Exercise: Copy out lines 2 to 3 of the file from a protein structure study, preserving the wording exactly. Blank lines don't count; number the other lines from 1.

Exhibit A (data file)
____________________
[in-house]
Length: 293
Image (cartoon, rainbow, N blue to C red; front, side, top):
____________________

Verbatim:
Length: 293
Image (cartoon, rainbow, N blue to C red; front, side, top):